The Germans of the Community of Feketic / Feketitsch
Dr. Viktor Pratscher
Translated by Brad Schwebler
The Hungarians of Feketitsch (includes
In the year 1885 the
political community and the Hungarian reformed church community celebrated the
100 year jubilee of their establishment. At this opportunity wrote at the
time teacher Bakai that during the rule "of the gloriously remembered" Josef II,
the settlement of the Hungarians in our Comitate was especially busy.
From the communities
of Kunhegyes and Tissa-Bura the destitute Hungarians of the Puszta-Feketity
settled here. Part of the Pradien, Kisch-Dobra, and Parastinac would be
granted to the Hotter. Later the Pusta Velity came with it. (Pradien,
like the Pusta, were meadowlands with grass that would not be farmed.)
The petition for
the purpose of the movement of the Hungarians from Kunhegyes can be
found in the National Archives in Budapest under number 3592/85.
They asked for the favors which the other colonists also received.
They wanted this to last. "The Kun-Hegyescher passengers of the
caal (Kameral-aerarisch) to the Pradium Feketity (Feketity Plains) moved
with the payment of 18 Rhine Guilders for the building of a house, the
necessary tools, the contributions, and fees for three years and what
could be used towards their meals for three years, stretched out as a
lasting substitute. 1785 on the 16th of March." signed by
Comite Brunsvik, Revay, Kempelen, Bacsak, Havor, and Settner.
4062/85 the settlement of 250 families from Kun-Hegyes would be allowed
on the Pradium Feketity in the (Batschker caal Bezirk). The
colonists were assured under number 3592/85 praying and promised favors
were kept. Under number 13,071/85 there were 198 families
registered from Tissa-Bura, Tissaders, Tissakalok, and Tissaabad.
They asked in
addition that if they were to move to the Pusta-Kula could they be
granted the favor to be completely tax-free for the next five to six
years. From the written report this was usual and should be done.
"Emperor Josef personally wrote on the petition, " I am pleased to take
the time to announce the success of the bureau. Josef e.h."
It is well known
also that the Feketitsch colonists came from the last named village,
that is probably why it was not full of Kun-Hegyesher families.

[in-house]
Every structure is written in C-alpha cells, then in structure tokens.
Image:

It was therefore
a planned settlement of 250 families, exactly as many as the German
villages. Each family received 18 Rhine Guilders, three to six
years burden free (they demanded no more!), as an interest-free loan,
enough grain for bread and seeds, and a house and barnyard with the
usual dimensions of farmland. The Hungarian reformed church
community demonstrated and all of the inhabitants were in a state of
unrest for a year because they believed that they should have been
settled in the favorable Pusta: Fekete-to (Pester Comitat, near
Kecskemet). Bakai wrote that this name could be found in the
settlement document but would be crossed out. It was probably from
Feketity Fekete-Hegy from which the settlers had something called 'Fekete'
at the time. Many settlers were not satisfied with that, feeling
betrayed they migrated back. As it came the transcript provided
the church community with information. In the first year after the
settlement a commissar came, examining the application of the farmlands
and it was apparent that many hardly
knew where there fields lay. The commissar moaned about this and
called them vagabonds. This made the noblemen indignant, offending
their honor. At noon they penetrated into the room of the
community cashbox and took the cashbox with them. They never came
is noteworthy to establish that Kun-Hegyes was not the only place not to
succeed in recruiting enough families as was planned. It would
take another five, though smaller communities to achieve the needed
number of 250 families. For the reasons indicated the Hungarians
generally would not come here. Finally it seemed probable that for
the above reasons the gaps which originated with the Hungarians would be
filled, with the pull of the nobility, with Slovakians.
evangelical Slovakians merged with the Hungarians and until 1820 they
also went to the reformed church. The many non-Hungarian sounding
family names are from these evangelical Slovakians who stayed behind.
Their number can be estimated to be several hundred today. The virtue
of their Slovakian blood is certainly well received by the Hungarians.
The large and
beautiful Hungarian reformed church was built from 1800 to 1802 with a
belltower on it, which was similar to the one that can be seen on the
German reformed church today.
"Until 1820 the
political community and the church community were one in administration
and finances." Then came the Germans in ever greater numbers.
Bakai also said, "The diligence of the Germans did not exist without the
influence of the Hungarians." They slowly began to rival the
Swabians. Today, though, the surrounding area belongs to the
In 1868 the
church was renovated and a 38 meter higher tower was built. The
tower clock was purchased by the political community and again the
Swabians did the work.
In the year 1935
there were 3104 souls in the Hungarian reformed church community. In the
year 1925 it was still 3823.
1.) 1935 Protestant calendar.